What is the end-game of the NXT North American Championship? It’s simple: World domination.

WWE has been a globally dominant brand for half a century now, but independent wrestling has seen a surge of popularity all around the world in recent years. The UK wrestling scene has been on fire thanks to promotions like PROGRESS and ICW, and in the States, Ring of Honor’s partnership with New Japan Pro Wrestling brings some of the world’s biggest non-WWE talent to the US, while companies like PWG create unbelievable buzz from a broken down American Legion hall. WWE has made a habit of raiding these companies to groom the next generation of talent to great success, but there’s still a huge piece of that pie they aren’t receiving; a whole subculture of wrestling fans the conglomerate monolith isn’t reaching.

That all changed when the company established the WWE United Kingdom Championship early last year. What started as a tournament held in a Full Sail-size arena in England evolved into the beginning of a rollout of a cunning new strategy to spread WWE’s brand in promotions they don’t own. The first time the WWE United Kingdom Champion showed up with a WWE title belt on a non-WWE television program, wrestling fans’ heads exploded. It has a dream match, otherworldly feeling to fans, but to WWE, it’s just a new outlet to promote their product. Just look at this promo from PROGRESS:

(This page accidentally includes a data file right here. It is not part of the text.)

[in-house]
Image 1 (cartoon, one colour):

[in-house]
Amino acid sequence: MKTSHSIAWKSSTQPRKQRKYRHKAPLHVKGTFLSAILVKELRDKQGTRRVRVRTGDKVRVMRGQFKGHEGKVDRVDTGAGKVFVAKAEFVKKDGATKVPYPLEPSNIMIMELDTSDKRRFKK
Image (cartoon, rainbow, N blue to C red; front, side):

What’s the most important thing to Pete Dunne, PROGRESS World Champion, here? Being a mid-card champion in WWE. WWE’s brand is elevated above PROGRESS, on PROGRESS’s own show. It’s free advertising, and it’s quite frankly brilliant. The fact that the WWE United Kingdom show never quite came to fruition doesn’t even matter; there are plenty of already existing UK promotions chomping at the bit for that kind of exposure to WWE’s vast fanbase, and plenty of hardcore wrestling fans for WWE to convert into card-carrying members of the WWE Universe. It’s a mutually beneficial relationship, and WWE doesn’t even have to do anything beyond being a little more flexible than they’ve been in the past with talent exclusivity.

So that’s WWE’s plan to plant the seeds of WWE fandom throughout the world, but what about capitalizing on the many popular independent promotions inside the United States? Enter: The NXT North American Championship.

NXT General Manager William Regal announced the creation of a new NXT title on March 28’s episode of NXT, the inaugural holder of which to be determined in a five-way ladder match at NXT TakeOver: New Orleans the night before WrestleMania between a debuting Ricochet, a returning/debuting EC3, Lars Sullivan, Killian Dain, and Adam Cole (baybay). It’s the first new championship in NXT since the creation of the NXT Women’s Championship all the way back in 2013, and the only title in the promotion that is anything less than the top tier of the division (that honor for the men’s singles division would of course go to the NXT Championship). So what is the role of a secondary championship on a secondary brand?

It’s simple: World domination.